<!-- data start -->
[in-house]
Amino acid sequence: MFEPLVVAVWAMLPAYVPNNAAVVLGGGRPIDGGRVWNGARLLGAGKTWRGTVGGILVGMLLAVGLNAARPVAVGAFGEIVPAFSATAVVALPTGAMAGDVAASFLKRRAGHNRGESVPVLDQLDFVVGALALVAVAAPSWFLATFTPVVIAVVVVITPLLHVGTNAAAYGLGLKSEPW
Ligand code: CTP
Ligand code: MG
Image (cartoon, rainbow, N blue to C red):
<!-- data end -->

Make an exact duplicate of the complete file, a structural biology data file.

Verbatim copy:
[in-house]
Amino acid sequence: MFEPLVVAVWAMLPAYVPNNAAVVLGGGRPIDGGRVWNGARLLGAGKTWRGTVGGILVGMLLAVGLNAARPVAVGAFGEIVPAFSATAVVALPTGAMAGDVAASFLKRRAGHNRGESVPVLDQLDFVVGALALVAVAAPSWFLATFTPVVIAVVVVITPLLHVGTNAAAYGLGLKSEPW
Ligand code: CTP
Ligand code: MG
Image (cartoon, rainbow, N blue to C red):